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Mistakes that got these game developers fired

Nobody ever said making a video game would be easy. The director has to wrangle a team of wildly divergent personalities, interests, and ambitions; meanwhile, the various developers have to balance their own personal talents and dreams with the needs of the studio as a whole. With finicky game engines, corporate oversight, and the ever-fickle gaming audience thrown into the mix, it's really a miracle that any game ever gets made — let alone released to stores — at all.

Through all that creative chaos, mistakes are going to happen — and sometimes they can cause some serious lasting damage to the game's development, or the studio's reputation. And then there are the big bombs, the jaw dropping screw-ups that somebody, somewhere, is going to have to pay for. We shouldn't want to know about these train wrecks … and yet of course we do. Here are nine mistakes that got game developers fired.

Marty O'Donnell became too much – and too little – for Bungie to handle

That soaring soundtrack as we load up the title screen of the very first Halo. It was the moment the entire industry realized that Microsoft hadn't just entered the console market: they were about to revolutionize it. Bungie's shooter masterpiece defined the genre, the Xbox, and the entire industry for another decade, and composer Marty O'Donnell's incredible music was a major factor in the franchise's success, a symphonic magnum opus that was equally at home in car stereos as on TVs.

But somewhere during the development of Bungie's next franchise, Destiny, everything went horribly wrong. As Kotaku reports, Activision's management determined that O'Donnell's score simply wouldn't work for a trailer, and had it replaced for the E3 demonstration. O'Donnell raged against this affront to his work, which in turn frustrated Bungie management. Tensions soared, morale dropped, and O'Donnell stopped putting in as much work effort as he was supposed to. As a result, he was fired.

It seems like a clear case of an artist's investment in his own work; when his work was denigrated (at least in his own mind), he stopped working. Whether Bungie's termination of one of their most revered employees was justified — and the court ruled it was not — O'Donnell might have held onto his job had he managed the situation better.

Konami didn't see the value in Hideo Kojima

He's only one of the most famous names in video games. Hideo Kojima, whose decades-long work on his own Metal Gear Solid franchise has made him a legend, is one of the most interesting, original, and thought-provoking minds in the entire industry. There's just no one else who can blend Western military-espionage fiction, Japanese anime influences, and highbrow philosophical concepts into a game that just soars. He is singular. Unique.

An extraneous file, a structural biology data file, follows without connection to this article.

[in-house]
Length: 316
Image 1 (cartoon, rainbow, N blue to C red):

So Konami fired him.

While the specific details behind Kojima's termination from the publisher remain unknown, it seems he and Konami had strong disagreements over scheduling, budget, and creative direction. Basically, Kojima wanted to take a long time, and spend a lot of money, to get Metal Gear Solid V: The Phantom Pain just right. Konami wanted it faster and cheaper, and they were fed up arguing with an artist. Kojima was shown the door, and Konami felt they now had things under control.

Big mistake. The next Metal Gear game, subtitled Survive, was a complete bomb. Perhaps people actually, you know, care about quality? Imagine! And quality doesn't come fast or cheap. It comes with Kojima.

Stig Asmussen couldn't replicate God of War III's success

Action games don't get much bigger than the God of War series. Built on mythical scale and epic storylines, God of War is all about pushing technology and combat to the limits of possibility. God of War III pulled that trick off marvelously for the PlayStation 3, and it remains a beloved entry in that stellar franchise. Just ask its PS4 remaster.

Stig Asmussen was the brains behind God of War III, but after completing that title, he wanted to move on to another franchise. Something of his own design, a game he could mold from scratch. Sony, naturally, was in love with the man at the time, and gladly gave him a reported $100 million budget to make a science fiction opus. The world was his to conquer.

Instead, his game was canceled.

Sony has never officially commented on what happened, or even admitted that the game ever existed in the first place. But insiders claim that the game was, simply, garbage. How could Asmussen, who had done so well on God of War, turn around and deliver such an awful product? Perhaps it was unbridled ambition, or perhaps he'd had a great idea for a new gameplay hook that just hadn't worked. And then again, maybe he just screwed up. Asmussen was rewarded for his failure by being pushed out of the company, and a number of his staff were laid off with him.

CyberConnect 2 phoned it in on the biggest gig of their existence

Once upon a time, there was a video game. You may have heard of it. It was called Final Fantasy VII, and it transformed the industry. From its bleeding-edge graphics and cutscenes to its simple yet deep progression systems and its grandiose storytelling, Final Fantasy VII was a key moment in the evolution of a "kids'" medium into serious art. It defined an era. It's still a beloved classic to this day.

So when Square Enix announced that they were making an entirely new game – not a simple remaster, a ground-up remake — fans went ballistic. There are few titles that still garner that much passion 20 years after their original release. So for developer CyberConnect2, who were tapped to actually make the game, it was the opportunity of a lifetime.

They whiffed it.

Citing factors such as a "stable schedule" and "quality" — which are kind of important, really — development lead Naoki Hamaguchi announced that CyberConnect2 was being pulled off of development, and that Square Enix itself would take over production duties. Clearly, CyberConnect2 had been dragging their feet, and not out of perfectionism. You'd think the developer would want to give such a high-profile project their all. They didn't.

A Subnautica dev was fired for being, well, ungentlemanly